POV-Ray : Newsgroups : povray.animations : Animated turbulence Server Time: 23 Jul 2019 11:26:45 GMT
  Animated turbulence (Message 1 to 5 of 5)  
From: W0RLDBUILDER
Subject: Animated turbulence
Date: 29 Apr 2011 17:15:00
Message: <web.4dbaf0f0a71052bcb8f6b920@news.povray.org>
I'm trying to animate turbulence going from 1 to 0 and back to 1 over the course
of an animation, with clock going from 0 to 1. The reason I need this is because
I'm animating a rotating planet with POV (textured with one of the maps from
TextureGen) and I'd like to have moving clouds. The code for the animated
turbulence shouldn't be too long; I'm going to use it three times, each for
separate cloud layers. I'd also like to make three cloud layers identical to the
first three but with turbulence going from 0 to 1 to 0.


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From: Christian Froeschlin
Subject: Re: Animated turbulence
Date: 29 Apr 2011 23:17:43
Message: <4dbb4717$1@news.povray.org>
W0RLDBUILDER wrote:

> I'm trying to animate turbulence going from 1 to 0 and back to 1 over the course
> of an animation, with clock going from 0 to 1. The reason I need this is because
> I'm animating a rotating planet with POV (textured with one of the maps from
> TextureGen) and I'd like to have moving clouds. The code for the animated
> turbulence shouldn't be too long; I'm going to use it three times, each for
> separate cloud layers. I'd also like to make three cloud layers identical to the
> first three but with turbulence going from 0 to 1 to 0.

Was this indended as a question? If yes, what is the problem?

If you really want turbulence from 0 to 1 to 0 all you have to
do is add "turbulence 1-abs(2*clock-1)". However, that will
probably not look very convincing. You could scale it to move
over a smaller interval.

You can also try to rotate your cloud spheres at different speeds,
and possibly split them into bands the rotate at different speeds
to emulate the wind patterns caused by convection cells, see, e.g.

http://www.mhhe.com/biosci/genbio/tlw3/eBridge/Chp29/animations/ch29/global_wind_circulation.swf


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From: W0RLDBUILDER
Subject: Re: Animated turbulence
Date: 30 Apr 2011 01:20:01
Message: <web.4dbb6307e828daf2b6f0ad930@news.povray.org>
Christian Froeschlin <chr### [at] chrfrde> wrote:
> W0RLDBUILDER wrote:
>
> > I'm trying to animate turbulence going from 1 to 0 and back to 1 over the course
> > of an animation, with clock going from 0 to 1. The reason I need this is because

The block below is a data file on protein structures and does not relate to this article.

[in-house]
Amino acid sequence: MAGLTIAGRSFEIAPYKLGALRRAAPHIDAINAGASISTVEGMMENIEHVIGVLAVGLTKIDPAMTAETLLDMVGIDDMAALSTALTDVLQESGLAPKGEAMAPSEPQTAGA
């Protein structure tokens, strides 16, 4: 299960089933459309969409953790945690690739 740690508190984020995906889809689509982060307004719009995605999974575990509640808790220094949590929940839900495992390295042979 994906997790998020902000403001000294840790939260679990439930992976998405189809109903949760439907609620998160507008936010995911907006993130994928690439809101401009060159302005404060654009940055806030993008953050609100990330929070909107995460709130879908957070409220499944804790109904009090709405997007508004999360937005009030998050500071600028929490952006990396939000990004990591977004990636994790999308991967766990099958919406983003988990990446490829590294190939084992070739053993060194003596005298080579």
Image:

> > I'm animating a rotating planet with POV (textured with one of the maps from
> > TextureGen) and I'd like to have moving clouds. The code for the animated
> > turbulence shouldn't be too long; I'm going to use it three times, each for
> > separate cloud layers. I'd also like to make three cloud layers identical to the
> > first three but with turbulence going from 0 to 1 to 0.
>
> Was this indended as a question? If yes, what is the problem?
>
> If you really want turbulence from 0 to 1 to 0 all you have to
> do is add "turbulence 1-abs(2*clock-1)". However, that will
> probably not look very convincing. You could scale it to move
> over a smaller interval.
>
> You can also try to rotate your cloud spheres at different speeds,
> and possibly split them into bands the rotate at different speeds
> to emulate the wind patterns caused by convection cells, see, e.g.
>
>
http://www.mhhe.com/biosci/genbio/tlw3/eBridge/Chp29/animations/ch29/global_wind_circulation.swf

Thanks. That code will work for what I want. Now how do I also get it going the
other way? I have 1-0-1, now I also need 0-1-0.


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From: W0RLDBUILDER
Subject: Re: Animated turbulence
Date: 30 Apr 2011 04:25:01
Message: <web.4dbb8edbe828daf2b6f0ad930@news.povray.org>
> I have 1-0-1, now I also need 0-1-0.
Scratch that. I have 0-1-0, now I also need 1-0-1.


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From: Christian Froeschlin
Subject: Re: Animated turbulence
Date: 30 Apr 2011 08:31:18
Message: <4dbbc8d6@news.povray.org>
W0RLDBUILDER wrote:
>> I have 1-0-1, now I also need 0-1-0.
> Scratch that. I have 0-1-0, now I also need 1-0-1.

Consider: For each clock, the function gives you a value
between 0 and 1. If you wish to flip it, so that for the
same clock you get 0 where the original value was 1, or
1 where the original value was 0, just do "1-f(x)".

In fact, here you can simply *drop* the "1-" because 1-0-1
already was the original result of the abs operation and I
flipped it to get 0-1-0.


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